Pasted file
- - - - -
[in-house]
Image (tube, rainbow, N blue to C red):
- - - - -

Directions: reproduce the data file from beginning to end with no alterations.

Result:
[in-house]
Image (tube, rainbow, N blue to C red):